It is time for that to stop.

Listen, my children, and you shall hear
Of the midnight ride of Paul Revere,
On the eighteenth of April, in Seventy-Five:
Hardly a man is now alive
Who remembers that famous day and year.

He said to his friend, “If the British march
By land or sea from the town to-night,
Hang a lantern aloft in the belfry-arch
Of the North-Church-tower, as a signal-light,—
One if by land, and two if by sea;
And I on the opposite shore will be,
Ready to ride and spread the alarm
Through every Middlesex village and farm,
For the country-folk to be up and to arm.”

Then he said “Good night!” and with muffled oar
Silently rowed to the Charlestown shore,
Just as the moon rose over the bay,
Where swinging wide at her moorings lay
The Somerset, British man-of-war:
A phantom ship, with each mast and spar
Across the moon, like a prison-bar,
And a huge black hulk, that was magnified
By its own reflection in the tide.

Meanwhile, his friend, through alley and street
Wanders and watches with eager ears,
Till in the silence around him he hears
The muster of men at the barrack door,
The sound of arms, and the tramp of feet,
And the measured tread of the grenadiers
Marching down to their boats on the shore.

Then he climbed to the tower of the church,
Up the wooden stairs, with stealthy tread,
To the belfry-chamber overhead,
And startled the pigeons from their perch
On the sombre rafters, that round him made
Masses and moving shapes of shade,—
By the trembling ladder, steep and tall,
To the highest window in the wall,
Where he paused to listen and look down
A moment on the roofs of the town,
And the moonlight flowing over all.

Beneath, in the churchyard, lay the dead,
In their night-encampment on the hill,
Wrapped in silence so deep and still
That he could hear, like a sentinel’s tread,
The watchful night-wind, as it went
Creeping along from tent to tent,
And seeming to whisper, “All is well!”
A moment only he feels the spell
Of the place and the hour, and the secret dread
Of the lonely belfry and the dead;
For suddenly all his thoughts are bent
On a shadowy something far away,
Where the river widens to meet the bay,—
A line of black, that bends and floats
On the rising tide, like a bridge of boats.

Meanwhile, impatient to mount and ride,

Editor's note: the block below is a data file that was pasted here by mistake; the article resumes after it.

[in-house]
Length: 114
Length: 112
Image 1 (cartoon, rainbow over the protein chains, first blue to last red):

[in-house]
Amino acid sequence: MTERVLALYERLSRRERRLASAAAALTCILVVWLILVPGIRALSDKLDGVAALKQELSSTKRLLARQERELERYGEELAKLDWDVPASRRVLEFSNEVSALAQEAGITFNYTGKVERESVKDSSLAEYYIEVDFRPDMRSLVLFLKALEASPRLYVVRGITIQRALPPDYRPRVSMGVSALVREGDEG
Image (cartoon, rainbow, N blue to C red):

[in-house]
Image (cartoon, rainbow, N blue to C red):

Booted and spurred, with a heavy stride,
On the opposite shore walked Paul Revere.
Now he patted his horse’s side,
Now gazed on the landscape far and near,
Then impetuous stamped the earth,
And turned and tightened his saddle-girth;
But mostly he watched with eager search
The belfry-tower of the old North Church,
As it rose above the graves on the hill,
Lonely and spectral and sombre and still.
And lo! as he looks, on the belfry’s height,
A glimmer, and then a gleam of light!
He springs to the saddle, the bridle he turns,
But lingers and gazes, till full on his sight
A second lamp in the belfry burns!

A hurry of hoofs in a village-street,
A shape in the moonlight, a bulk in the dark,
And beneath from the pebbles, in passing, a spark
Struck out by a steed that flies fearless and fleet:
That was all! And yet, through the gloom and the light,
The fate of a nation was riding that night;
And the spark struck out by that steed, in his flight,
Kindled the land into flame with its heat.

He has left the village and mounted the steep,
And beneath him, tranquil and broad and deep,
Is the Mystic, meeting the ocean tides;
And under the alders, that skirt its edge,
Now soft on the sand, now loud on the ledge,
Is heard the tramp of his steed as he rides.

It was twelve by the village clock
When he crossed the bridge into Medford town.
He heard the crowing of the cock,
And the barking of the farmer’s dog,
And felt the damp of the river-fog,
That rises when the sun goes down.

It was one by the village clock,
When he galloped into Lexington.
He saw the gilded weathercock
Swim in the moonlight as he passed,